Semi-intensive production units have good access to markets and most of their produce is sold. However, they do rely on external inputs such as feed, medicines and occasionally labour. In some cases, the external inputs extend to the purchase of day-old chicks from commercial breeders.

Shared characteristics of the rural poultry systems - management by women

As has already been mentioned, women are largely responsible for the management of rural poultry (Dessie, 1996; Kuit, Traore and Wilson, 1986; Spadbrow, 1993; Johnston and Cumming, 1991; Ellis, 1992), but there are few data on the ownership patterns of chickens held in these systems. In many rural areas, however, women are reported to have discretionary powers over the money received from the sale of eggs and live chickens (Dessie, 1996). The proceeds from these sales, while significant to many rural women, are low and usually considered as "petty cash".

With such a scenario, interventions to improve poultry production are often seen as a way to reach poor, rural women to improve their livelihood.


W9980t33.GIF (82327 bytes)

Conceptual model of the interactions at the flock, household and market levels
Un modèle conceptuel indiquant les interactions au niveau de la bande de volailles, du ménage et du marché
Modelo teórico que muestra las interacciones en los planos de la bandada, el hogar y el mercado


W9980t34.JPG (40772 bytes)    W9980t35.JPG (40801 bytes)



Ways and means to improve rural poultry production have been researched - such as housing (Matthewman, 1977), feeding (Smith, 1990; Kekeocha, 1984), breed introduction (Creevey, 1991) and disease control (Copland, 1987). However, relatively small changes, which are often ignored or assumed to be unimportant, can have far-reaching implications: for example, changes to flock structure and numbers; the demand for household labour and capital; and poultry input and output markets. Such changes can often limit or in some cases jeopardize the expected benefits from technical interventions.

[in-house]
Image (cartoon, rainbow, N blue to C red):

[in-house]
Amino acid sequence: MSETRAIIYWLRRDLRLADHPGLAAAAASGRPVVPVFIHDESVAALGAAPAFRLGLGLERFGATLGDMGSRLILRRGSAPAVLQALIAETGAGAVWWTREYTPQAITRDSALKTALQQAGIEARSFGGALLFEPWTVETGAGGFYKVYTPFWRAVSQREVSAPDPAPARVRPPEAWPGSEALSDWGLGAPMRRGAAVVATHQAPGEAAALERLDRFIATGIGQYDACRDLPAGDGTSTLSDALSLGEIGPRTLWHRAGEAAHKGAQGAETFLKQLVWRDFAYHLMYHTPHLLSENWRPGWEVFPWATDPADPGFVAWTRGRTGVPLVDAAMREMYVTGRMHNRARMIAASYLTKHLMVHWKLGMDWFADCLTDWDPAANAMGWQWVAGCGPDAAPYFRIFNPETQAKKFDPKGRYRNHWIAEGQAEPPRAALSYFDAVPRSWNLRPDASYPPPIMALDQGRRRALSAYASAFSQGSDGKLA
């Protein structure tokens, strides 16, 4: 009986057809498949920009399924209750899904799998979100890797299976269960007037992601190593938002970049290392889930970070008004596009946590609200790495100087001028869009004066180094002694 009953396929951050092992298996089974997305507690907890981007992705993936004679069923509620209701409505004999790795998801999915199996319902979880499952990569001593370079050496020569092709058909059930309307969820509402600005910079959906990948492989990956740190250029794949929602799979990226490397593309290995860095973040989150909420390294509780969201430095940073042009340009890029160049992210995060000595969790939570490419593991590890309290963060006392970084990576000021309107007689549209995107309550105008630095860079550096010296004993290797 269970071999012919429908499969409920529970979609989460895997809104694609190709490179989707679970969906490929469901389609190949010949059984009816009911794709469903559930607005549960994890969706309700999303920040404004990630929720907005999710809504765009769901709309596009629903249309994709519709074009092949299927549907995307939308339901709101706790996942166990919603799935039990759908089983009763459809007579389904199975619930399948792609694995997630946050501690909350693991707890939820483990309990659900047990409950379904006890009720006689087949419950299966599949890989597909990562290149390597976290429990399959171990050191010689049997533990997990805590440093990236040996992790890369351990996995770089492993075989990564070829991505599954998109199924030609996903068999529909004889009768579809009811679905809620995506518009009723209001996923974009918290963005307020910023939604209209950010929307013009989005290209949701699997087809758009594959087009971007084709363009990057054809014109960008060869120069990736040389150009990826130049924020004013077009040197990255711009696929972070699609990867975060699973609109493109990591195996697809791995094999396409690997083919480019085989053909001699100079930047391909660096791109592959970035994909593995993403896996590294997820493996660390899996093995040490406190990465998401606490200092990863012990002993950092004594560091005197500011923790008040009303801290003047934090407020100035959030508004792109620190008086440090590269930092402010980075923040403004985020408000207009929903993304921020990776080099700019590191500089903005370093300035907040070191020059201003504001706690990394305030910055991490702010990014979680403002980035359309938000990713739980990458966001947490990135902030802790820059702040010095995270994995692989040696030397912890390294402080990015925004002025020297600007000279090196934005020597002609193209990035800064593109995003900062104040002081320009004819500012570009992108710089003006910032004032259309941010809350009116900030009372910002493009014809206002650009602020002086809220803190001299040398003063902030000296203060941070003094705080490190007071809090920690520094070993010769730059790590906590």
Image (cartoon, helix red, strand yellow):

Project proposals that intend women to be the main beneficiaries of technical interventions should examine how these three interrelated changes will affect them and how much control they can exercise. The following sections examine the different types of change.

Flock changes

Increases in flock size will almost certainly imply higher investment costs in areas such as supplementary feed, health care and housing. Few projects recognize feed as a constraint to rural poultry development. However, in scavenge-based and free-range systems, supplementary feeding will probably become more important when the size of flocks increases. Research in Sri Lanka (Gunaratne et al., 1993) and Ethiopia (Dessie, 1996) suggests that scavenged feed will not sustain large flock sizes.

With increased flock sizes there will also be a greater need for disease control. This will require the additional purchase of inputs such as vaccines and other prophylactic products. In scavenge-based systems, where producers have poor access to information and markets, these inputs will be new and will require the assurance of effective extension services and assured availability.
Disease prevention and control will greatly benefit from the provision of appropriate housing. However, building and maintenance of good-quality housing often requires a significant cash outlay even when local materials are used. This applies particularly to scavenge-based systems.